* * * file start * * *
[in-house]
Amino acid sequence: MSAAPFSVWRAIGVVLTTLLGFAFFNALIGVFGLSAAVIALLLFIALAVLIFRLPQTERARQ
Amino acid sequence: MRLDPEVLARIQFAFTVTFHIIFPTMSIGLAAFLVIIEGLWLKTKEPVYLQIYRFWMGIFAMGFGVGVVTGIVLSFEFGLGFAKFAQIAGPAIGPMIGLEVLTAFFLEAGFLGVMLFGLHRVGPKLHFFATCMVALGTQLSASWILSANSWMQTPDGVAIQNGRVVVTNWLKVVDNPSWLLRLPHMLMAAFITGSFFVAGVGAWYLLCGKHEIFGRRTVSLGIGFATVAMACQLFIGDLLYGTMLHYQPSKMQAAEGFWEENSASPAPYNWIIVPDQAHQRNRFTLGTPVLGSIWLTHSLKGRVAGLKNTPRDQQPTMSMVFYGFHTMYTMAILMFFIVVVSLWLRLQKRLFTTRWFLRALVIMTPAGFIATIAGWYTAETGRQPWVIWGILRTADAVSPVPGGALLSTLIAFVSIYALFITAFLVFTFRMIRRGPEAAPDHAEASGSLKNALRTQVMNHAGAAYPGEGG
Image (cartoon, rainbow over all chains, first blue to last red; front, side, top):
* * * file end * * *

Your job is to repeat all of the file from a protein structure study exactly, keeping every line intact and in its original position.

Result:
[in-house]
Amino acid sequence: MSAAPFSVWRAIGVVLTTLLGFAFFNALIGVFGLSAAVIALLLFIALAVLIFRLPQTERARQ
Amino acid sequence: MRLDPEVLARIQFAFTVTFHIIFPTMSIGLAAFLVIIEGLWLKTKEPVYLQIYRFWMGIFAMGFGVGVVTGIVLSFEFGLGFAKFAQIAGPAIGPMIGLEVLTAFFLEAGFLGVMLFGLHRVGPKLHFFATCMVALGTQLSASWILSANSWMQTPDGVAIQNGRVVVTNWLKVVDNPSWLLRLPHMLMAAFITGSFFVAGVGAWYLLCGKHEIFGRRTVSLGIGFATVAMACQLFIGDLLYGTMLHYQPSKMQAAEGFWEENSASPAPYNWIIVPDQAHQRNRFTLGTPVLGSIWLTHSLKGRVAGLKNTPRDQQPTMSMVFYGFHTMYTMAILMFFIVVVSLWLRLQKRLFTTRWFLRALVIMTPAGFIATIAGWYTAETGRQPWVIWGILRTADAVSPVPGGALLSTLIAFVSIYALFITAFLVFTFRMIRRGPEAAPDHAEASGSLKNALRTQVMNHAGAAYPGEGG
Image (cartoon, rainbow over all chains, first blue to last red; front, side, top):